Roosevelt Hotel Ltd. Partnership v. Sweeney

Annotate this Case

394 N.W.2d 353 (1986)

ROOSEVELT HOTEL LIMITED PARTNERSHIP, Plaintiff, v. David SWEENEY and Michael McNamara, d/b/a R Place; Douglas M. Ihde, d/b/a Werni's Tap; Joseph Hartwig, Karen P. Ackmann, and Wade A. Usher, Defendants. Kimberly H. BROWNING, Matthew L. Browning, and Samuel L. Browning, A Minor Child by his Mother, Kimberly H. Browning, Appellees, v. David SWEENEY and Michael McNamara, d/b/a R Place Lounge; Douglas M. Ihde; d/b/a Werni's Tap, Defendants, Joseph Hartwig, Karen P. Ackmann, and Wade A. Usher, Appellants.

No. 85-1597.

Supreme Court of Iowa.

October 15, 1986.

Rehearing Denied November 13, 1986.

*354 John M. Bickel and Diane Kutzko of Shuttleworth & Ingersoll, P.C., Cedar Rapids, for appellant Karen P. Ackmann.

James M. Powers of Hines, Pence, Jackson, Day & Powers, Cedar Rapids, for appellant Joseph Hartwig.

Thomas Read of Crawford, Sullivan, Read & Roemerman, Cedar Rapids, for appellant Wade A. Usher.

Lloyd E. Humphreys of Humphreys & Associates Law Firm, P.C., Cedar Rapids, for appellees.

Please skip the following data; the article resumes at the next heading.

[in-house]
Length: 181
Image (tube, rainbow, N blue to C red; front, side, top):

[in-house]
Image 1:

SCHULTZ, Justice.

The issue in this case is whether a defendant in a personal injury action may, through a court order, force the plaintiff to execute a patient's waiver authorizing defendant's counsel to communicate privately with and obtain medical information relevant to plaintiff's personal injury action from various health care providers. The plaintiff concedes that by bringing the action for her injuries she has waived her statutory physician-patient privilege as it relates to the condition alleged. She maintains, however, that her action for injuries does not waive the confidential nature of her earlier medical history and that she has a right to be present to protect this interest and should not be compelled to waive this right. The trial court denied a motion to compel the plaintiff to execute such a waiver. We granted movant's application for interlocutory appeal. We affirm.